January 20

Martin Heidegger, History of the Concept of Time: Prolegomena, trans. Theodore Kisiel [purchase book / make personal copy from book on reserve]: §§19, 20, 21, and 22 to p. 183 top (i.e., pp. 156-83 top [German pagination: 210-47]) [Google Books Preview*]

*Note that even when Google Books has made available a book only as a "Limited Preview," this can be used to search for terms in the book as a whole.  For best results, select "Order by pages" at the top.

Text Summary 2 due in class on January 20 from some students.

January 27

Heidegger, History of the Concept of Time: §§22 and 23 to p. 200 top (i.e., pp. 183-200 top [German pagination: 247-71]) 

Text Summary 3 due in class on January 27 from anyone who has not yet completed a Text Summary assignment.

Background Explanations re. Heidegger, History of the Concept of Time, §22:

  • on Descartes:

Daniel Garber, "Descartes, René" (1998/2003) in Routledge Encyclopedia of Philosophy [online /Mills Reference]: section 8: "Mind and Body"

Edwin Curley, "Descartes, René (1596–1650)," in Encyclopedia of Philosophy, 2nd ed. (2006) [online]: see p. 741 on Second Meditation, esp. paragraph beginning  "Toward the end of the Second Meditation..." (on the wax example)

John Cottingham, A Descartes Dictionary, s.v. "substance," 160-61 [handout]

  • on Kant's "antinomy of freedom":

Paul Guyer, "Kant, Immanuel" (1998/2004) in Routledge Encyclopedia of Philosophy [online /Mills Reference]: section 8: "The illusions of theoretical reason" - see paragraph 6, beginning "In the four 'dynamical antinomies'..."

February 3

Special Session on Library Research (with Rick Stapleton, Mills Library) 
Wong e-Classroom, Room L-107, First Floor, Mills Library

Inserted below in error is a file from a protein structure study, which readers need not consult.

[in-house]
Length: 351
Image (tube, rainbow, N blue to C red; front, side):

Heidegger, History of the Concept of Time, cont'd

REMOVED FROM SCHEDULE: Heidegger, "The Thing" (1950), trans. Albert Hofstadter, in Poetry, Language, Thought [purchase book / make personal copy from book on reserve]

February 10

selection from: Jean-Luc Marion, God Without Being: Hors-texte (1982), trans. Thomas A. Carlson [purchase book / make personal copy from book on reserve or from master copy of reading selection in UH 104]

Original French edition: Dieu sans l'être [book on reserve]

excerpt from Heidegger, "The Onto-Theo-Logical Constitution of Metaphysics," in Identity and Difference (1957) trans. Joan Stambaugh [purchase book / make personal copy from book on reserve or from master copy of selection in UH 104]

Details on these reading selections were communicated in class on February 3.  
No Text Preparation due today.

Further Reading on Marion:

Robyn Horner, Jean-Luc Marion. A Theo-logical Introduction (2005) [book on reserve]

February 24

Jean-Luc Marion, cont'd  

[REMOVED FROM SCHEDULE:  Jean-Luc Marion, "The Formal Reason for the Infinite," chap. 23 in Graham Ward (ed.), Blackwell Companion to Postmodern Theology (2001) [print out personal copy from online edition]]

Text Preparation 1 due in class from some students.

March 3 

selection from: Emmanuel Levinas "Philosophy and the Idea of the Infinite" (1957), trans. Alphonso Lingis, in Adriaan Peperzak, To the Other. An Introduction to the Philosophy of Emmanuel Levinas [purchase courseware from Titles / make copy from book on reserve or from master copy in UH 104]: details communicated by e-mail

Original French edition: "La philosophie et l'idée de l'infini" in Peperzak, To the Other [book on reserve / master copy of selection in UH 104]